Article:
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For 10 years, Elsa Longhauser has put her own imprint on the Santa Monica Museum of Art

Ten years is a lifetime in the art world, where the vicissitudes of trends and tastes can befuddle the most experienced. Yet Elsa Longhauser by many accounts has been able to scope out the creative zeitgeist of this city as she completes her first decade at the helm of the Santa Monica Museum of Art. Tucked into a corner of the Bergamot Station arts complex, it is a small museum that seeks to speak with a big voice.

She has a clear vision for the mission of her institution, conceived as a kunsthalle, or space for showing rotating exhibitions without establishing any collection of its own. The museum has a large main gallery and a smaller projects room that are programmed throughout the year. Early on Longhauser decided to focus on Southern California artists, including those who once worked here for a time, such as the Italian artist Alberto Burri, recently featured in the exhibition “Combustione: Alberto Burri and America.” Another strength, as witnessed by those who have worked with her, is an openness to new ideas and new ways of presenting visual art.

“When I came here,” says Longhauser, “I was taken with the fact there were so many important artists living here, working here, teaching here whose work wasn’t so well known within the larger context of contemporary art, so that became the focus of this program.” Thus in the last decade she’s shown Michael Asher, Allen Ruppersberg and Kim MacConnel. She’s also been quick to call on the curatorial expertise of others, such as the late Walter Hopps, a founder of the seminal Ferus Gallery. “One of the first things I did was to invite Walter Hopps to curate an exhibition,” she says, “and he wanted to organize a George Herms show, and he did. Walter Hopps actually gave his very last lecture here, at this museum.” That was in 2005.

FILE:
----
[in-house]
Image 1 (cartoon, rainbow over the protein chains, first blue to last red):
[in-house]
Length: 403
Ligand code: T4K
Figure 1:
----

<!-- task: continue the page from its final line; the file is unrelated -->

However, the museum doesn’t limit itself to the regional. It also sometimes features the national and international, especially when outside curators are involved. In 2001, for example, Thelma Golden brought a group show of emerging African American artists, “Freestyle,” from the Studio Museum in Harlem, and in 2003 Lynne Cooke curated a show on the diagrammatic paintings of Alfred Jensen. More recently, Longhauser heeded a recommendation from impresario Peter Sellars to present the assemblage and sculptural work of Ethiopian artist Elias Sime — an exhibition was eventually put together by Sellars and Meskerem Assegued. It dovetailed nicely with the production of Stravinsky’s “Oedipus Rex” and “Symphony of Psalms” that Sellars staged for the L.A. Philharmonic — conductor Esa-Pekka Salonen’s farewell program. Sime’s custom-made thrones were incorporated into the set.

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“She’s just incredibly personal and alive to what’s moving, both emotionally and in the culture,” gushes Sellars. “She really comes to things without ideological bias. Her freshness and ability to move on impulse, freedom and daring from moment to moment, it’s what art is about.”

Today Longhauser celebrates her 10th anniversary as executive director of the museum, in the form of a fundraiser with works donated by 25 artists, including John Baldessari, Barbara Kruger, Kim McCarty, Betye Saar and Peter Shire. The event is called “The Power of Ten: Take a Chance on Art.” Fundraising is a preoccupation for the museum, and over the years it’s received support from foundations (including the Annenberg, James Irvine, Andy Warhol and Good Works foundations) as well as funding from individuals and Santa Monica and Los Angeles to cobble together an annual budget of $2 million.

In the L.A. art scene, Longhauser stands out for her deliberate, slightly formal manner of speaking and for her Bohemian dress — she often wears a head wrap and long dresses or skirts. “She’s an original, including the outfits she wears,” says artist Mark Bradford, who has been in two group shows at the museum. When included in “Freestyle,” he suggested bringing in a large marching band to open the show. And they did, inviting a Watts high school marching band, the Mudtown King and Queen Drill Team and Drum Squad, to perform.